Competition: five copies of the Brutalist Washington Map to be won
Dezeen has teamed up with Blue Crow Media to give away five copies of a map detailing 40 examples of brutalist architecture in Washington DC.
The double-side foldout guide pinpoints the locations of buildings across the US capital, including the J Edgar Hoover building, Georgetown's Lauinger Library and Dulles Airport.
Each building is accompanied by photographs and information, including date of completion and the architect responsible.
Lesser-known buildings like the the Woman's National Democratic Club Annex, National Presbyterian Church and Reston's Lake Anne Plaza also feature.
Independent map publisher Blue Crow Media collaborated with Deane Madsen of Architect Magazine to create the Brutalist Washington Map, aiming to bring attention to the city's brutalist architecture at risk of neglect and, in some cases, demolition.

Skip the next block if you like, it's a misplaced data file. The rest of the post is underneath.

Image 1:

"We hope that putting these examples of DC's Brutalist architecture on the map will foster public appreciation that ensures their longevity," said Deane Madsen, who is associate editor of design at Architect Magazine.
"The Brutalist Washington Map is designed to affirm the value of these buildings and to inspire further consideration of Brutalist architecture today."
Alison and Peter Smithson are believed to have been the first architects to adopt the term Brutalism – deriving from the French term for raw concrete, béton brut, used by Le Corbusier in the late 1940s.
Over the years, the movement has proved controversial – meaning many examples have faced demolition. For example, a campaign to save the Smithsons-designed Robin Hood Gardens estate in London failed and the building is due to be pulled down.
Similarly, the Sirius apartment building in Sydney has also seen protests against its demolition, after being denied a heritage listing.
Five readers will each win a copy of the Brutalist Washington map, but it can also be also purchased online for £8, which equates to just under $10.
The Brutalist Washington Map is the latest in a series of architecture maps produced by Blue Crow Media. Previous editions include a map of London's brutalist architecture and another focused on constructivist architecture in Moscow.
Photography is by Deane Madsen.